Dagen: Yeah, typically I get scripts either through my agent or manager. And my manager is someone around that I can trust. So, he keeps that, his ear to the ground, what’s good. And he will forward me stuff. I mean, when I’m looking for a script, it’s all an average read, 2 or 3 a week, when I’m looking. So, yeah, that’s normally how it happens. Now, on the other hand, if I’m trying for a specific idea? Which happened most recently. And recently is working with an idea, then we’ll go out and hire a writer to write it, based on. Whom we think will do the best job.
Ashley: Yeah. So, I’m curious too. You’re reading when you’ll looking for scripts, you say you’re reading 3 scripts a week. Are there some common mistakes you see a lot of screenwriters make? And again, I would say, coming at this from sort of a director’s perspective. Are there some sort of things that, you know, as a director you wish writers wouldn’t do? Or would do more of?
Dagen: I’ve reached the point where I tend to be reading pretty good scripts. I would say that, because of that. It seems simple, like if there’s any kind of. The first thing that turns me off on a script? Is if they, if it’s not polite. And I mean in a weird way. I don’t mean like, it’s the writing, the subject is polite, that it doesn’t respect me and my time. Like large blocks of action, for example. They expect me to just like, pummel through. Like if I open up, if you open up the first page, it’s an entire straight thing of action. Or conversely, if you look on the second page and there’s you know, the whole thing’s all one dialog, sort of monolog. And again, I’m not saying that, that might not be a great thing from the movie. It might be an Academy Award Winning monolog? But, it’s kind of, there are other things that kind of happen early on in a script. Like from the director, it might pull ya out, and be respectful. Just how screenplays are normally done, you know.
Dagen: Besides that, you know, just, you’re looking through how involved are the characters. And also, because I’m a writer. I usually take the time to read an entire screenplay. Because I don’t know how long and how much effort. Because I only know people who will read the first ten pages. And if they are not hooked in the story and the characters at that point, they’ll stop reading.
Ashley: Yeah, yeah. So, do you just have any other advice to people looking to break in? Whether it be as a writer, or a director.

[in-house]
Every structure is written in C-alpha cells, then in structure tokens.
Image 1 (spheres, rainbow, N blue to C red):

Dagen: You know, I think, you have to be surrounded by your people who are doing what you want to be doing. You know, so much of it is in the relationship. And I don’t try to end up smooth. I don’t think I’ve ever got a job from like a party I went to. In the hopes that I could smooze somebody, that never happened. Instead, what seems to happen is? Whoever your creative energy, whatever your creative group is. You know, the people you call “Your people.” People that you spent your time with. Those are the people who you’re going to end up working with. Me, I got lucky. You know, I got to go to USC. And I kinda bought into a certain group. But, that has not been the way it’s been. People do play cards of influence. So, I guess, if you’re trying to break in, I guess? Don’t try to break in. Instead, try to just really find your art. And really try to find your do whatever it is you love to do. And then find people who are into the same kind of thing. And you enjoy the same kinds of things. If it’s just you trying to “Break in” it’s never going to happen. If you’re just sharing your talent and you’re making relationships. And there’s 20 of you. Not any one of those people have to be successful. Or anything else. Somebody is at some point get lucky, you know. I haven’t been very determined. At being a former film school. So, if you tell me, trying to make it. Hollywood is like trying to play Roulette. What position is your count up? And you stay in the game long enough. Eventually the ball is going to land on the number. So, how does a group of people you haven’t even met, worked with and collaborated with, and create with. That you’re much more likely to break in. Because someone is going to make it in.
Ashley: Yeah, yeah. Sound advice for sure. How can people see Atomica. Do you know what the release schedule is like?
Dagen: Yeah, you know, it’s 6 theaters L.A. and New York, on the 17th of March 2017. And it will be available on Video ONDEMAND everywhere I guess? Watched on the 25th, the following week. I’m not exactly sure where everywhere else? Oh, yeah, coming up on the 31st.
Ashley: Perfect. And so, what’s the best way for people keep up with what you’re doing? If you’re on Twitter, Facebook, Instagram, anything you are comfortable sharing. You can just give us that now. And I will also just round it up and put links in the show notes so people can click over to it.
Dagen: Yeah, I appreciate that. I do most of my sharing on Instagram @DagenWalker –
D-a-g-e-n Walker – W-a-l-k-e-r and from there, people who are interested can come find everything else I’m doing.
Ashley: Okay, perfect, perfect. Well, Dagen I really appreciate you coming on the show and talking with me today, good luck with this film, and thank you much.
Dagen: Hey, thanks so much for having me.
Ashley: Thank you, we’ll talk to ya later.
Ashley: I just want to mention two things I am doing at “Selling Your Screenplay” to help screenwriters find producers that are looking for new material.